Hidden threat of tortoise ticks: high prevalence of Crimean-Congo haemorrhagic fever virus in ticks Hyalomma aegyptium in the Middle East
© Široký et al.; licensee BioMed Central Ltd. 2014
Received: 17 January 2014
Accepted: 3 March 2014
Published: 11 March 2014
It is the first time that Crimean-Congo haemorrhagic fever virus (CCHFV), causing potentially lethal disease of humans, has been reported from the Middle East region and from the tortoise tick Hyalomma aegyptium from a tortoise host, whose epidemiological significance may have remained almost completely overlooked so far. We used RT-PCR to screen for 245 ticks collected from 38 Testudo graeca tortoise individuals. Results of our genetic screening provide unambiguous evidence of occurrence of CCHFV in this region and host, suggesting a potentially important role of H. aegyptium in CCHF epidemiology.
KeywordsTick-borne disease Epidemiology Tortoises Testudo graeca Hyalomma Syria Turkey RT-PCR
Crimean-Congo haemorrhagic fever (CCHF) is a potentially fatal viral infection of humans with a distributional range covering the largest geographical area of all medically important tick-borne viral zoonoses . Wildlife rodents, hares and hedgehogs are the most common hosts in endemic areas, while migratory birds can spread CCHF virus (CCHFV) over long distances into new regions . Ticks of the genus Hyalomma, particularly H. marginatum, are considered principal vectors of CCHFV . Hyalomma ticks mostly feed on mammals, although pre-adult stages of some species also parasitize on birds. H. aegyptium, a three-host tick species, represents a single exception, in which the adults are host-specific, feeding on tortoises of the genus Testudo. On the other hand, larvae and nymphs show lower host-specificity and commonly infest various reptiles, small mammals, and birds. Ticks with such a wide host spectrum have greater potential for transmitting pathogenic agents among various vertebrate groups; they can thus act as “bridge vectors” and significantly contribute to spreading its natural foci. Despite this fact, ticks parasitizing reptiles have traditionally been considered epidemiologically and economically less important than ticks of mammals and birds, and as a result, they have been understudied and their vector capability may have been overlooked. However, a relationship between H. aegyptium and some important zoonotic agents has recently been suggested .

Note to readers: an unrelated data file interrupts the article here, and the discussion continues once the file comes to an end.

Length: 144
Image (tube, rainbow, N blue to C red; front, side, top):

Distribution and prevalence of CCHFV-positive Hyalomma aegyptium ticks at studied localities in Syria (SY) and Turkey (TR)
Sampled tortoises/carriers of positive ticks
Krak des Chevaliers, SY
Kafr Takharim, SY
Qalat Samaan, SY
Our results revealed 30.2% (74/245) prevalence of CCHFV in studied H. aegyptium (Table 1). Interestingly, the only reptile species detected as a CCHFV antibody carrier so far, was another tortoise species Testudo horsfieldii, which, similar to T. graeca, belongs to H. aegyptium hosts. Despite these results, it remains unknown whether tortoises can serve as a reservoir of CCHFV in natural circulation or can only carry infected ticks; to resolve this it would be necessary to confirm a viremic tortoise host. However, since the pre-adult stages of tortoise tick H. aegyptium also feed on humans , this species can potentially play an important role in CCHF epidemiology, at least in the region of the Middle East.
This study was supported by the project “CEITEC – Central European Institute of Technology” (CZ.1.05/1.1.00/02.0068) from the European Regional Development Fund. Ivan Bartík assisted during the fieldwork. Anna Papa provided viral RNA for positive controls. Karolína Stratilová helped with laboratory processing of some samples.
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